SARAH: This is At the Core of Care. A podcast where people share their stories about nurses and their creative efforts to better meet the health AND health-care needs of patients, families, and communities.
I’m Sarah Hexem Hubbard, executive director of the Pennsylvania Action Coalition.
This is Part 2 of our series about public health emergency preparedness for community health centers. If you missed Part 1, make sure to go back and listen to that first.
So on this episode, we’re going to first hear from nurse practitioner Jeannie McIntosh about the impact of the COVID-19 pandemic on the Connecticut River Valley Farmworker Health Program, and how this community health initiative has had to adapt to provide care and do education outreach.
And then later on, for a broader perspective around these issues, we’re going to hear from my colleague Kristine Gonnella, senior director of strategic initiatives at the National Nurse-Led Care Consortium or NNCC. Kristine will talk about how community health centers are often overlooked when it comes to emergency preparedness resources and the ways in which NNCC is working to build up support.
JEANNIE: My name is Jeannie McIntosh. I'm a family nurse practitioner at Community Health Center Inc in Connecticut, which I'll refer to as CHC. And through my work at CHC, I work with the Connecticut River Valley Farmworker Health Program as well.
The farmworker health program is run by the Massachusetts League of Community Health Centers, and they basically contract and support different health centers along the Connecticut River Valley in Massachusetts and Connecticut to provide health care to seasonal agricultural workers. There are a lot of smaller cities in the Greater Hartford area and up towards Mount Holyoke and Massachusetts and then kind of quickly outside of the cities, it becomes rural and there's farms all over. Along the Connecticut River Valley. So it's through central Connecticut and north. But where I am and where most of our clinics are headquartered through CHC is more urban. But very quickly, outside of the cities, you get into farmland.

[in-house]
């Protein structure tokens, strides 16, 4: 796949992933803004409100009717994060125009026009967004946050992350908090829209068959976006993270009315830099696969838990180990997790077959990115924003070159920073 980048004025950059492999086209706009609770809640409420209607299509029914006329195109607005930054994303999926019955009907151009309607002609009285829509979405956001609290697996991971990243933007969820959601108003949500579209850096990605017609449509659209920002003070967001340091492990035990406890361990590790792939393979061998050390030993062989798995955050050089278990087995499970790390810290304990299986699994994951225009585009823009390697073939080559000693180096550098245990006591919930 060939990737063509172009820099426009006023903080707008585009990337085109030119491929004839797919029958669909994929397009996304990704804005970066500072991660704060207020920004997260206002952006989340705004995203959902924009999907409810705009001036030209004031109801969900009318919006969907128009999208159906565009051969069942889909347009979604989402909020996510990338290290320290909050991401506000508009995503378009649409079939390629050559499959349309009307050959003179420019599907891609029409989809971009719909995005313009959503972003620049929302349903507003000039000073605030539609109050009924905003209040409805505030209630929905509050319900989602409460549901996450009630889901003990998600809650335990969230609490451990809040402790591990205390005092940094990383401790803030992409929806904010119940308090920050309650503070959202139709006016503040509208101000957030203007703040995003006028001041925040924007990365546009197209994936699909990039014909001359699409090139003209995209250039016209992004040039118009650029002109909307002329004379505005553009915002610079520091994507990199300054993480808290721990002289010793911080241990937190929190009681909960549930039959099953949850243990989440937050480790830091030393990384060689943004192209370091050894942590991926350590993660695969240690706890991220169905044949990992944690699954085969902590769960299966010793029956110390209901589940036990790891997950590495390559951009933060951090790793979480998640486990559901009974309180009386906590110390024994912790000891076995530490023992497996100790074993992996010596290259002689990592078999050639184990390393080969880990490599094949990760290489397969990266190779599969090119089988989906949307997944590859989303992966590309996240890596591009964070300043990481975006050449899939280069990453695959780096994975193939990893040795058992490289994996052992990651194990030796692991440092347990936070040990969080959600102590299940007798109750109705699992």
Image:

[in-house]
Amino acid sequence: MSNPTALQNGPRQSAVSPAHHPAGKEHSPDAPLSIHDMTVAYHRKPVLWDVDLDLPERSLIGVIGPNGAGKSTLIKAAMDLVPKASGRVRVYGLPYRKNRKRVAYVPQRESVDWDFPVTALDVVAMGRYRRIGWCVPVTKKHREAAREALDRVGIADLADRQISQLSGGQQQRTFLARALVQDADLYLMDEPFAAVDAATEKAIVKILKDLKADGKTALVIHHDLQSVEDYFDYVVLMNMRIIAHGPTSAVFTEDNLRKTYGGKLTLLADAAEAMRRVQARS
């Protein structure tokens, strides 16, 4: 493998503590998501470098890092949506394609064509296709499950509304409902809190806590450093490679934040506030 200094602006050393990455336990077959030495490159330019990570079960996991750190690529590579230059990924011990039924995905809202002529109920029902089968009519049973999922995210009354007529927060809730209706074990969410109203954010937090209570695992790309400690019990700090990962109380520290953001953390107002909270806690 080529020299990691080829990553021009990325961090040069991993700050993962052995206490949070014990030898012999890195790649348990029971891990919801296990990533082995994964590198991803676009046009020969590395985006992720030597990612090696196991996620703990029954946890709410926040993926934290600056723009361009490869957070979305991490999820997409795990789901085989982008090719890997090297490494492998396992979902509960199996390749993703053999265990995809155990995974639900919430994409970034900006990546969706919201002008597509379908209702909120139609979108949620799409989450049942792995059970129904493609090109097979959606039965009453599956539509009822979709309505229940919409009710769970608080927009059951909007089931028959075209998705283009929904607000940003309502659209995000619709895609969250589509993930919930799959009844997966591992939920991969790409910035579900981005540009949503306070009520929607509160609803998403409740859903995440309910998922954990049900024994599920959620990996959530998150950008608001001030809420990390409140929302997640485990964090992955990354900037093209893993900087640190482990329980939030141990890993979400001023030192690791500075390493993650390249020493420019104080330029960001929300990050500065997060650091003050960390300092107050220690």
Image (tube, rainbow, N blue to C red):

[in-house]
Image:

There are many seasonal workers that are more, quote-unquote seasonal that are actually here more year-round and work in greenhouses during the cooler months. And many of those workers do live in the New Haven area or possibly the Hartford area and commute to the greenhouses and farms. But the majority of the workers who are here entirely, seasonally tend to live at the farms in shared housing areas.
Just a little bit about my practice in general. I work at CHC for a program called the Center for Key Populations and the Center for Key Populations is a program really focused on reaching patients who might fall through the cracks in more traditional health care models, either due to different kinds of stigma or due to just lack of access to health care.
The program includes HIV care, substance use services, LGBTQ health, and kind of, later on, we adopted the farmworker health program in our umbrella. So that's kind of the focus of my practice. And we really started coping with COVID and really making some major changes in our clinic prior to the arrival of most of the seasonal agricultural workers that I'm seeing through the farmworkers program in mid to late March. And basically fairly quickly moved to an almost entirely telehealth practice. We have about at this point have about 20 percent of our care provided onsite and then the remainder is provided via telehealth. So starting in March were approaching the impending arrival of seasonal agricultural workers and how we were going to kind of adapt the farmworker branch of our program to this model. And yeah, basically, we've come up with a system where we're still providing a lot of telehealth care to the farmworkers, but also doing monthly outreach clinics.